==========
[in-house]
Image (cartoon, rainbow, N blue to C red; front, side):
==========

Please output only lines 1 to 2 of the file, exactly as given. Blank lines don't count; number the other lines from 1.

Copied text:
[in-house]
Image (cartoon, rainbow, N blue to C red; front, side):